The Fairfax County Board of Supervisors voted last year to modify Tysons Corner so that it better resembles a city. Part of that plan includes the desire to attract higher education. Stock Photo

Several schools in the Washington metropolitan area are discussing expanding within Tysons Corner. Currently, preliminary talks are underway at George Mason University regarding the feasibility of opening an expansion at Tysons Corner.

Several businesses have approached Mason about opening a location at the heavily-trafficked business hub, said Daniel Walsch, Mason’s press secretary.
Walsch said Mason would rent space at Tysons Corner if the talks were to yield any kind of plan.

“There would be cost involved [with renting],” Walsch said. “All of those things have to be budgeted for. There would have to be some kind of cost-benefit analysis because this would cost money, and we’d have to see what kind of interest [from] potential students.”

Mason is not the only school that has been approached. According to an April 19 TBD story, Northern Virginia Community College is looking at expanding to Tysons Corner. A NOVA facility in Tysons Corner would be its 11th location in the area.

If tapped to open a facility in Tysons Corner, NOVA would start with a small space that could grow to as much as 125,000 square feet, according to the TBD story.

Walsch said there is no timetable for the Tysons Corner expansion, with only “very preliminary talks occurring within the university.”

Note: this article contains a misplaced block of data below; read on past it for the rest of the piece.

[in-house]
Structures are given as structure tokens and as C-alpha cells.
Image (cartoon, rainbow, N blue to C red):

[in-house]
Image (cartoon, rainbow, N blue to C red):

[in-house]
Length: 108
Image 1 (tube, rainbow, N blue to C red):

The talks come at a time when contractors are working on the Dulles Metrorail Project, which will connect Washington to Dulles Airport and Tysons Corner. The first phase of the project will be finished with revenue service up and running by late 2013, according to the Metro website.

Tysons Corner is now working under a 20-year plan passed in June 2010 by the Fairfax County Board of Supervisors to turn the sprawling business district into a walkable city, according to a Washington Post article. While the plan will not convert Tysons Corner to a municipality, it will become even more of a community than it is now.

The development plan for Tysons Corner requires developers to include space for public facilities. Colleges and universities fall into that category, according to the TBD story. Other public services that will be installed include fire stations and libraries.

Other plans currently being discussed to expand Mason include a campus in Loudoun County.

“We’ve requested planning money from the state,” Walsch said. “It’s a priority for us. The money was denied this year.”

Walsch said groundbreaking in Loudoun County was years away, so the specifics as to what purpose the campus would serve are not available.

“Right now we offer classes [in Loudoun County] in rented office space,” Walsch said. “We’d be looking to cater to thousands of students. It would perhaps be a campus the size of the Prince William campus. We really want to grow and be a significant presence in that part of the region.”